“It’s cool to sing along to songs I know,” a few have said. But you know what? That’s weak. That’s what car rides and house parties are for.

Also, if a movie is good, you will probably watch it over and over again. You might even buy it. And you will probably learn the words. If Moulin Rouge’s soundtrack was good enough and original, you could’ve been singing along the second time you saw it. What, you adored how you could sing along to a movie you were seeing for the first time? Come on, that’s a totally bullshit cop-out to say that you like Moulin Rouge because it has songs you recognize the first time around.

You know who else has songs that you recognize? Cover bands. Ugh.

Saying that you like Moulin Rouge because it has songs you know is like voting for a president because he likes the same American beer that you do.

When I saw the stage musical Wicked for the first time, I sang the original tunes to myself on the way home. Why? Becuase they were so damn catchy, so damn good and just so damn well-arranged. And again, they were original. It was the first time I had heard the music or the words, but I sang them on the way home. Wicked would have been bogus if they had decided to adapt songs. Instead of the track “Popular,” they could have just used half of Avril Lavigne’s musical arsenal.

I feel it’s fair to compare the last musical I saw on stage and the last musical I saw on screen.

Also, it should be noted that I did have a favorite song in Moulin Rouge, and it turns out that it was also the only original composition. I thought ”Come What May” was unbelievably and outrageously good.

And I wish the rest of the movie was like that.

Instead, the movie offers up a “narrow” range of any song from the 20th Century. And it destroys all of what Moulin Rouge could have been. Scene by scene is systematically ruined by these lofty plays on the musical turntable of time, even though the mash-ups and covers are done extraordinarily well. I should probably mention that, though I think the idea botches the integrity of the film, the modern songs are done wonderfully. They really did put thought into what they were doing and how they would do it.

But while the elephant melody is spectacularly well-done, the main focus is not this bursting love between Christian and Satine. What catches the audience is the novelty of songs that recognize.

It doesn’t pose the question, “What will happened to these doomed lovers?” It becomes, “What song will I recognize next?”

Instead of a wondrous and unique composition that floats romantically between the penniless writer and the star actress as a hint of what is to come, the scene becomes a mash-up of love songs. This would only work if the film wasn’t a musical. Hypothetically, if you hire Girl Talk to do a soundtrack, it should be the soundtrack, not the theme of a musical. That’s a novelty act, like a monkey dancing for coins on a cobblestone street corner. It’s not art.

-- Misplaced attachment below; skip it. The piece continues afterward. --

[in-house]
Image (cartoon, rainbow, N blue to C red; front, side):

“But it’s such an original idea,” many fans have told me.

Moulin Rouge is based off of the Italian opera La Traviata, which was actually based off of the Dumas novel The Lady Of The Carmellia (which, to be fair, has been the basis of over ten films in France). So, where would the saving grace here be? Well, I think an amazing score of original musical compositions would have done the trick.

Ah yes…they did the exact opposite.

Instead of giving you a whole crazy, wild new world of art, love and wonder…they gave you a comfort zone. They gave you songs you like, knowing that you would find them fascinating in Paris 100 years ago, where they have no place. How wacky and wild, right? No. While an interesting concept, it claws at the character of Christian, because it makes him seem less creative and supporting characters seem dazzlingly inept.

Is it risky, crazy or original to put modern songs in a modern adaptation of long ago?

No, it’s an easy way to make sure that you like the film. It’s a light tactic to bring about fans for the music before the story. You’re already rooted in the movie because they have songs you like and recognize before even addressing anything else in Moulin Rouge.

The whole theme of “musical anachronism” steals whatever credit is left for Moulin Rouge, aside from the oustanding art direction and cinematography. However, those don’t make a movie. There needs to be a solid core to film, especially this flashy and bold, because it otherwise rattles off hollow and trite.

If you’re director Baz Luhrmann, you can’t say, “Well, we took the plot of the musical from an old opera and took the music from new artists.” Because when you do, then you have sincerely just admitted to not coming up with anything original.

“But it looks so good and it’s so fun,” Luhrmann may tell you. Doesn’t count, Aussie. That’s the defense of every shitty action movie that comes out each and every summer where something is blowing up every few minutes.

That’s not truth, beauty or freedom. And what is left of a great love story if everything’s borrowed?

What charisma and compassion do I have left for the saintly characters that ring out the evening sound of music, dance, art and sex, if they’re not even singing their own tunes?

I don’t care how fun it is to recognize songs. That doesn’t work for movies. That works for songs. The reason I love mash-ups is because I think it’s quite impressive to mismatch lyrics and music from two entirely different tracks. However, mash-ups songs are fun to listen to because the music is the only part of the project. When you’re listening to mash-ups, the mash-ups are everything. When you’re watching Moulin Rouge, the mash-ups are not the main theme. The story (plot, characters, setting, etc) of the movie is the main point. That’s what deserves your full attention.